Verbena Daphne Brighton (B. 1915): Life writing, class & identity – Writing Lives

Verbena Daphne Brighton (B. 1915): Life writing, class & identity

As Brighton explains in her memoir, she has a fascination with dress. In the featured picture of her and two of her sisters it is clear to see that the Brighton sisters are dressed more elaborately than the rest of their school class. Whilst the rest of their class are wearing basic pinafores, they are wearing pretty dresses accessorised with necklaces. This indicates that their family were the more elite of the working- class society as the girls are dressed more expensively. Also, the three sisters are wearing noticeably big, dress bows in their hair which stand out as a key of status. All three daughters look groomed in comparison to the rest of their class. Verbena and sisters

In the opening chapter of her memoir, Brighton describes her house. Not elaborate, nor poverty stricken her house is pictured as comfortable. Her house is described with character and she explains that the majority of the furniture contained in her house was passed down from a deceased relative. However, in comparison to a regular working- class home it is described as above average. Brighton describes the ‘Best Room’ as having large pictures of family members featured on the walls. This imagery is portrayed as a grand room in her home.

Living in the rural area of Norfolk, Brighton’s family are fortunate to be situated away from the poor quality of working-class city life. She describes that her home is situated amongst plenty of rural land which she describes as ‘beautiful common land’, which is a pleasant atmosphere for children to be brought up in. It could be assumed that Brighton’s family are economically more comfortable for a working- class family.

Brighton reveals that her father, much older than her mother works and owns horses, but it is unknown whether her mother has an occupation. It could be assumed that Brighton’s mother is a housewife who stays at home to look after her children and the home. This would suggest that Brighton’s family are more privileged than the majority of the working- class as she is not doing manual labour in a factory with other women.Brighton's father pictured.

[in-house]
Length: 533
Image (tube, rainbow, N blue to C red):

It is evident whilst reading her memoir that Brighton was an educated lady. She has accurate grammar and spelling and cleverly uses Norfolk dialect when quoting somebody from her area in her memoir. She frequently mentions reading throughout her memoir and religious singing. Brighton published her own memoir Nuts ‘n May which gives an indication of her educational background.

According to the BBC Great British class calculator Brighton comes under the ‘traditional working class’ category. Brighton’s nostalgic reflection of her childhood is similar to the commemorative narrative form of writing which is defined by Regenia Gagnier for ninteenth century working-class autobiographies in Britain. [1] She reflects on her idyllic childhood in a nostalgic manner. Gagnier states in her work that only a tenth of autobiographies are written by women explaining that they are under represented.[2] This statistic highlights Brighton’s determination to create an autobiography as she published her own memoir.

Typical of female autobiographical writing is confessional narrative, Brighton’s memoir does not follow this narrative form of writing. This could be because her memoir is filled with innocence as it is an account of her childhood.

Although I would believe that class is part of Verbena Brighton’s identity, it is difficult to confirm whether she is defined by class as her memoir is a reflection of her childhood memories. Therefore, Brighton’s political views nor her families are mentioned in her memoir due to her focus being on her idyllic memories of her background in Norfolk.


[1] Gagnier, Regenia. ‘Social Atoms: Working-Class Autobiography, Subjectivity and Gender.’Victorian Studies 30.3 (Spring 1987): 335-363

[2] Gagnier, Regenia. ‘Social Atoms: Working-Class Autobiography, Subjectivity and Gender.’Victorian Studies 30.3 (Spring 1987): 335-363

Leave a Reply

Your email address will not be published. Required fields are marked *